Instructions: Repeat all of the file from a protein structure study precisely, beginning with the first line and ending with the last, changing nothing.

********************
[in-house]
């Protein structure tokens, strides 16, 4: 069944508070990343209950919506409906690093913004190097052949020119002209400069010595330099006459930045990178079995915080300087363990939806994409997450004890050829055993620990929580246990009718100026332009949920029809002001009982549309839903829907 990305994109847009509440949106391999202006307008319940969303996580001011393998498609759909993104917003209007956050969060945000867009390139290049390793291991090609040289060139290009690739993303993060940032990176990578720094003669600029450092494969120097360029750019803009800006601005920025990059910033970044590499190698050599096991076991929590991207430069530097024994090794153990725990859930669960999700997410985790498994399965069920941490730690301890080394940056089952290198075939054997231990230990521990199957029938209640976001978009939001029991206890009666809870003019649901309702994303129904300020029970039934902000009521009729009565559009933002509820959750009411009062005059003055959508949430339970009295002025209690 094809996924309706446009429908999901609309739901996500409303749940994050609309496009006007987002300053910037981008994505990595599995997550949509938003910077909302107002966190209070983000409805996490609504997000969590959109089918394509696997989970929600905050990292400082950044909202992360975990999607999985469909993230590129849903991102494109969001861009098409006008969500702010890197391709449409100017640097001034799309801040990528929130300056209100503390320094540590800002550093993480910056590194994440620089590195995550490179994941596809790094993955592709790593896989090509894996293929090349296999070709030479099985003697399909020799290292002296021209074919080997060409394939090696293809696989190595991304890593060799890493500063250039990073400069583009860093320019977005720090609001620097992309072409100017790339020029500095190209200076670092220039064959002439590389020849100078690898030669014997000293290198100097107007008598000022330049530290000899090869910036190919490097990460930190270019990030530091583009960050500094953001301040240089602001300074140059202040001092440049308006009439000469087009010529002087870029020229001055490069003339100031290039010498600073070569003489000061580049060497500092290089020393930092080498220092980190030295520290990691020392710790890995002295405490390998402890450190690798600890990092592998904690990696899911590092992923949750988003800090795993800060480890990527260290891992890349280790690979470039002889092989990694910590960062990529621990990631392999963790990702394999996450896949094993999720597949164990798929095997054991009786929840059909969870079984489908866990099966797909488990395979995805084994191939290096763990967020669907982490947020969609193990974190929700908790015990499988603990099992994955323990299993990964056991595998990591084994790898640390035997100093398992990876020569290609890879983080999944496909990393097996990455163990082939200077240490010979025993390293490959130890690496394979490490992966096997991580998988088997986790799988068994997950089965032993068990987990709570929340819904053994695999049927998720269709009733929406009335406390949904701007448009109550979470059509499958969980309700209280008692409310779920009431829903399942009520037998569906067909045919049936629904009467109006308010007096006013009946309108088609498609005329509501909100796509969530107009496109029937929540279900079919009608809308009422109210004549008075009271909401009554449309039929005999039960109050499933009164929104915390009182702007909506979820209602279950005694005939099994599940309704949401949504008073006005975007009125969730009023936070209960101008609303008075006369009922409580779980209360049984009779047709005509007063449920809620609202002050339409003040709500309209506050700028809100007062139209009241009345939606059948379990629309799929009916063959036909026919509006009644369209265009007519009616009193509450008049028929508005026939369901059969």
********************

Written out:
[in-house]
């Protein structure tokens, strides 16, 4: 069944508070990343209950919506409906690093913004190097052949020119002209400069010595330099006459930045990178079995915080300087363990939806994409997450004890050829055993620990929580246990009718100026332009949920029809002001009982549309839903829907 990305994109847009509440949106391999202006307008319940969303996580001011393998498609759909993104917003209007956050969060945000867009390139290049390793291991090609040289060139290009690739993303993060940032990176990578720094003669600029450092494969120097360029750019803009800006601005920025990059910033970044590499190698050599096991076991929590991207430069530097024994090794153990725990859930669960999700997410985790498994399965069920941490730690301890080394940056089952290198075939054997231990230990521990199957029938209640976001978009939001029991206890009666809870003019649901309702994303129904300020029970039934902000009521009729009565559009933002509820959750009411009062005059003055959508949430339970009295002025209690 094809996924309706446009429908999901609309739901996500409303749940994050609309496009006007987002300053910037981008994505990595599995997550949509938003910077909302107002966190209070983000409805996490609504997000969590959109089918394509696997989970929600905050990292400082950044909202992360975990999607999985469909993230590129849903991102494109969001861009098409006008969500702010890197391709449409100017640097001034799309801040990528929130300056209100503390320094540590800002550093993480910056590194994440620089590195995550490179994941596809790094993955592709790593896989090509894996293929090349296999070709030479099985003697399909020799290292002296021209074919080997060409394939090696293809696989190595991304890593060799890493500063250039990073400069583009860093320019977005720090609001620097992309072409100017790339020029500095190209200076670092220039064959002439590389020849100078690898030669014997000293290198100097107007008598000022330049530290000899090869910036190919490097990460930190270019990030530091583009960050500094953001301040240089602001300074140059202040001092440049308006009439000469087009010529002087870029020229001055490069003339100031290039010498600073070569003489000061580049060497500092290089020393930092080498220092980190030295520290990691020392710790890995002295405490390998402890450190690798600890990092592998904690990696899911590092992923949750988003800090795993800060480890990527260290891992890349280790690979470039002889092989990694910590960062990529621990990631392999963790990702394999996450896949094993999720597949164990798929095997054991009786929840059909969870079984489908866990099966797909488990395979995805084994191939290096763990967020669907982490947020969609193990974190929700908790015990499988603990099992994955323990299993990964056991595998990591084994790898640390035997100093398992990876020569290609890879983080999944496909990393097996990455163990082939200077240490010979025993390293490959130890690496394979490490992966096997991580998988088997986790799988068994997950089965032993068990987990709570929340819904053994695999049927998720269709009733929406009335406390949904701007448009109550979470059509499958969980309700209280008692409310779920009431829903399942009520037998569906067909045919049936629904009467109006308010007096006013009946309108088609498609005329509501909100796509969530107009496109029937929540279900079919009608809308009422109210004549008075009271909401009554449309039929005999039960109050499933009164929104915390009182702007909506979820209602279950005694005939099994599940309704949401949504008073006005975007009125969730009023936070209960101008609303008075006369009922409580779980209360049984009779047709005509007063449920809620609202002050339409003040709500309209506050700028809100007062139209009241009345939606059948379990629309799929009916063959036909026919509006009644369209265009007519009616009193509450008049028929508005026939369901059969």